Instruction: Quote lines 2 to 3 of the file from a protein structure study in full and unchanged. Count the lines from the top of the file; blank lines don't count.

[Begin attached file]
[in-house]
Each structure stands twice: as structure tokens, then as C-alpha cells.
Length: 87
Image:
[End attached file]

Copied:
Each structure stands twice: as structure tokens, then as C-alpha cells.
Length: 87